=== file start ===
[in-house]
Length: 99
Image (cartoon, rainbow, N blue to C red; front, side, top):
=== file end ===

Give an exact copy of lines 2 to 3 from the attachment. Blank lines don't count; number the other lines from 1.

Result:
Length: 99
Image (cartoon, rainbow, N blue to C red; front, side, top):